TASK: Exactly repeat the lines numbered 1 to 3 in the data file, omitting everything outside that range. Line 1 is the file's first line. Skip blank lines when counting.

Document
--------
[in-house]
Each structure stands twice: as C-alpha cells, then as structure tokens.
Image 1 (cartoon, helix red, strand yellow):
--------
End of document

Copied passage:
[in-house]
Each structure stands twice: as C-alpha cells, then as structure tokens.
Image 1 (cartoon, helix red, strand yellow):